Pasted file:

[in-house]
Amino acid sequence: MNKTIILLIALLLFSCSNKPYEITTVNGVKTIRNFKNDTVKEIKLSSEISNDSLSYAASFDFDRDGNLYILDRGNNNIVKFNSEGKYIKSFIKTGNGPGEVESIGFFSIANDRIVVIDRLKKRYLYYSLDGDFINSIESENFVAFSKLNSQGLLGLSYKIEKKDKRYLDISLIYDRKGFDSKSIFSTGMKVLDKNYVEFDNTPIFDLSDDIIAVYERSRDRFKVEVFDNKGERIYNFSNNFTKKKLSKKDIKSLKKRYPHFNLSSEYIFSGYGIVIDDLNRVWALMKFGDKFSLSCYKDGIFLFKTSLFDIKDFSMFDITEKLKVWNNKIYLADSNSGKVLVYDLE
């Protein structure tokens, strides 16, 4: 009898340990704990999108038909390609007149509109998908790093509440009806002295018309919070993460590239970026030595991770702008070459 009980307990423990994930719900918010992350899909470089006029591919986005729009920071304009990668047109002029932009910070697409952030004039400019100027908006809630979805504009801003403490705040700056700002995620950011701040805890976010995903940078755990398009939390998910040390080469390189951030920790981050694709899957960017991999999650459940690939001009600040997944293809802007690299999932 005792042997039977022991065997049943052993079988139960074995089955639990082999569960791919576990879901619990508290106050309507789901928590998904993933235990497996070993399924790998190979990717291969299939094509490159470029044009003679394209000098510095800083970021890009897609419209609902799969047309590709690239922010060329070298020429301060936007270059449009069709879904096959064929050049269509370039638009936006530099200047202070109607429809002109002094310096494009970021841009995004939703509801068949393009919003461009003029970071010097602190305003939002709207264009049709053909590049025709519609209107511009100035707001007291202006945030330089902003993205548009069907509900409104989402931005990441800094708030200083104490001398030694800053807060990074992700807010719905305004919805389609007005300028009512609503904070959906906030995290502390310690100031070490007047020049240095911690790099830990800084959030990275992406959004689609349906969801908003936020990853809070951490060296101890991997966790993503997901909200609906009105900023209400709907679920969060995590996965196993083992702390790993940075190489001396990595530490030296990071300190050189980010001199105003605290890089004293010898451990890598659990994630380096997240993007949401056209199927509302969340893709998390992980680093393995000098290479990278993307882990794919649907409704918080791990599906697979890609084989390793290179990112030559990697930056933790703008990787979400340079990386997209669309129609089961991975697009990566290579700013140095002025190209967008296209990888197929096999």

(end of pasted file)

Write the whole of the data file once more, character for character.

[in-house]
Amino acid sequence: MNKTIILLIALLLFSCSNKPYEITTVNGVKTIRNFKNDTVKEIKLSSEISNDSLSYAASFDFDRDGNLYILDRGNNNIVKFNSEGKYIKSFIKTGNGPGEVESIGFFSIANDRIVVIDRLKKRYLYYSLDGDFINSIESENFVAFSKLNSQGLLGLSYKIEKKDKRYLDISLIYDRKGFDSKSIFSTGMKVLDKNYVEFDNTPIFDLSDDIIAVYERSRDRFKVEVFDNKGERIYNFSNNFTKKKLSKKDIKSLKKRYPHFNLSSEYIFSGYGIVIDDLNRVWALMKFGDKFSLSCYKDGIFLFKTSLFDIKDFSMFDITEKLKVWNNKIYLADSNSGKVLVYDLE
């Protein structure tokens, strides 16, 4: 009898340990704990999108038909390609007149509109998908790093509440009806002295018309919070993460590239970026030595991770702008070459 009980307990423990994930719900918010992350899909470089006029591919986005729009920071304009990668047109002029932009910070697409952030004039400019100027908006809630979805504009801003403490705040700056700002995620950011701040805890976010995903940078755990398009939390998910040390080469390189951030920790981050694709899957960017991999999650459940690939001009600040997944293809802007690299999932 005792042997039977022991065997049943052993079988139960074995089955639990082999569960791919576990879901619990508290106050309507789901928590998904993933235990497996070993399924790998190979990717291969299939094509490159470029044009003679394209000098510095800083970021890009897609419209609902799969047309590709690239922010060329070298020429301060936007270059449009069709879904096959064929050049269509370039638009936006530099200047202070109607429809002109002094310096494009970021841009995004939703509801068949393009919003461009003029970071010097602190305003939002709207264009049709053909590049025709519609209107511009100035707001007291202006945030330089902003993205548009069907509900409104989402931005990441800094708030200083104490001398030694800053807060990074992700807010719905305004919805389609007005300028009512609503904070959906906030995290502390310690100031070490007047020049240095911690790099830990800084959030990275992406959004689609349906969801908003936020990853809070951490060296101890991997966790993503997901909200609906009105900023209400709907679920969060995590996965196993083992702390790993940075190489001396990595530490030296990071300190050189980010001199105003605290890089004293010898451990890598659990994630380096997240993007949401056209199927509302969340893709998390992980680093393995000098290479990278993307882990794919649907409704918080791990599906697979890609084989390793290179990112030559990697930056933790703008990787979400340079990386997209669309129609089961991975697009990566290579700013140095002025190209967008296209990888197929096999």